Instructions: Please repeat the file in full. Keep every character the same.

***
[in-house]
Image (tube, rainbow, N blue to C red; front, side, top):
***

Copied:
[in-house]
Image (tube, rainbow, N blue to C red; front, side, top):